All right, everyone has had a few days for the Aaron Heilman-Garrett Olson trade to sink in. But this should really be thought about: Should players from any team be traded twice in the same off-season?
Let’s recap, shall we?
Trade 1: New York Mets receive J.J. Putz, Sean Green, and Jeremy Reed.
Seattle Mariners receive Aaron Heilman, Endy Chavez, Frankiln Gutierrez and four Minor Leaguers
Cleveland Indians receive Joe Smith (Mets) and Luis Valbuena (Indians)
I have no problem saying that the Mets obviously won this trade. They filled a pressing need and it puts them in a position to OWN the late innings and give the Mets and their fans something to dull the pain of losing the division to the Phillies – by the hands of the Marlins and Nationals – two years in a row. Blazing fastballs can do the trick. Next, the Mariners came out with a hoard of youth and talent. Endy Chavez is still only 31 years old and can give some experience to a young Mariners team. Getting Gutierrez (who is slated to start in centerfield as Ichiro moves back to right) and the Minor Leaguers was even more of a bonus. Cleveland could afford to stand pat after getting Mark DeRosa, so this deal didn’t really help them or hurt them.
Trade 2: Chicago Cubs receive Garrett Olson and Henry Williamson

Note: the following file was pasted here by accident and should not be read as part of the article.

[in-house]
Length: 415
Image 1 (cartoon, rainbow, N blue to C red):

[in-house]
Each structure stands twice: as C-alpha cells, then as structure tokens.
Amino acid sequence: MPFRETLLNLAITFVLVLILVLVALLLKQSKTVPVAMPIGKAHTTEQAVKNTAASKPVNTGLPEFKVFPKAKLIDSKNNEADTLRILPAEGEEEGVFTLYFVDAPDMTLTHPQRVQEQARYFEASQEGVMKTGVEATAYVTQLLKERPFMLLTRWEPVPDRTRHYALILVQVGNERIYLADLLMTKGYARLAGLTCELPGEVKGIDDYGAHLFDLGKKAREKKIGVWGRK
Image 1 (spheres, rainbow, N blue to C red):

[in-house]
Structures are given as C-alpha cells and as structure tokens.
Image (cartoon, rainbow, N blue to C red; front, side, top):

Baltimore Orioles receive Felix Pie
This trade was pretty even seeing that these three are all prospects with a lot of time. But the number of prospects AND the fact that they are pitchers give the Cubs the edge here.
And now this….
Trade 3: Seattle Mariners receive Ronny Cedeno and Garrett Olson
Chicago Cubs receive Aaron Heilman
Who got the better deal out of Trade 3? The Mariners without a doubt. With Olson, they get more years out of him, more promise (he was fifth in wins among rookie starters), and upgrade what looks like one of their strengths – young pitching, especially with a rotation with Felix Hernandez and Erik Bedard headlining it. Chicago’s rotation is very good, and Heilman is a candidate to start. Plus, the trading of Ronny Cedeno leaves second base wide open for the left-handed-hitting LSU product Mike Fotentot
But back to my previous point.
I don’t think that it is fair to any player to trade them, but business is business is business. Without trades, especially with blockbuster players, teams don’t improve. Because of that, teams lose revenue and maybe don’t get any to begin with. But TWICE? I don’t just see this as fate striking or just being opportunistic. I see this as a team telling a player, “OK, you’re here and we want you to stay in the (fill in the blank) organization” and then telling him two days later, “You just didn’t make the cut. Yes, I know Spring Training hasn’t started yet, but we’ve found someone else to take your place. The (fill in the blank) will handle your paycheck. Have a nice career.” The players are more than meat and contracts; situations like this are reasons why players that wouldn’t even be All-Stars have no-trade clauses.
Then again, business is business is business.